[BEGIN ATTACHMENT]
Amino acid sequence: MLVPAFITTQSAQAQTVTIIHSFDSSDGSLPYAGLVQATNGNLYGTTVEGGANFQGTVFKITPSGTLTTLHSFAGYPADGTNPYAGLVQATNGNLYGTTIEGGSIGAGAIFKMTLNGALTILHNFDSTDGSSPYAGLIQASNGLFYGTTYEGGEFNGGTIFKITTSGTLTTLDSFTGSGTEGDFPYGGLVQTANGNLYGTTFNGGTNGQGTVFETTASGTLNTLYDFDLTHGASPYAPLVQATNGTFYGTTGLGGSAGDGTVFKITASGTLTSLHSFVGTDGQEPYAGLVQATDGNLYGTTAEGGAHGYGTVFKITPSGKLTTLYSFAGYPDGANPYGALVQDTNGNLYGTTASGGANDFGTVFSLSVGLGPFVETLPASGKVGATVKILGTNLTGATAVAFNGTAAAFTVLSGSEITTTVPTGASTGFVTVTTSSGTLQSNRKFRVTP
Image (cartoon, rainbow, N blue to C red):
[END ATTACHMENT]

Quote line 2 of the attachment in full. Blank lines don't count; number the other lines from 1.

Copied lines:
Image (cartoon, rainbow, N blue to C red):